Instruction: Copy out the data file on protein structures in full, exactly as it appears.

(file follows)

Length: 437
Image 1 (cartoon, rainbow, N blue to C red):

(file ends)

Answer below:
Length: 437
Image 1 (cartoon, rainbow, N blue to C red):